On October 4, the Supreme Court announced its decision not to hear Adar vs Smith, a lawsuit in which legal recognition of an adoption was denied to an unmarried gay male couple in Louisiana. That state’s law prevents unmarried couples (both gay and straight) from both being listed as parents on their adopted child’s birth certificate. According to research from the Williams Institute, a leading think tank producing policy related to sexual orientation and gender identity, the decision could be the catalyst for similar laws that could potentially affect more than 90,000 children in the United States.
Plaintiffs Oren Adar and Mickey Smith had initially won their case in trial court, but the favorable ruling was overturned by the Fifth Circuit Court of Appeals. Though Adar and Smith appealed, the Supreme Court refused to hear the case, allowing the lower court’s ruling to stand—and effectively denying Adar and Smith’s request to have both of their names listed on their adopted child’s birth certificate.
Louisiana is one of at least five states that employ this policy. According to the Williams Institute, the Supreme Court’s decision could potentially open the doors for other conservative states to take action and implement similar laws against recognizing unmarried adoptive parents. The U.S. Census Bureau estimates that 47,000 unmarried straight couples have adopted children in the United States, and around 20,000 same-sex couples are raising nearly 30,000 adopted children.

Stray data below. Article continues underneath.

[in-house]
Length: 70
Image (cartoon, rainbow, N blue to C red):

Children with inaccurate birth certificates and murky legal guardianship would be especially vulnerable should catastrophe strike. If an adopted child needs medical attention, becomes lost or even is kidnapped, authorities in states with unmarried partner adoption restrictions would be limited to communicating solely with the legal guardian—not both parents as equals.
The possibility of restrictive laws like these becoming popular among conservative-leaning states is a threat to the LGBT community as well as unmarried couples everywhere. Whatever happened to conservatives’ concern for “family values?”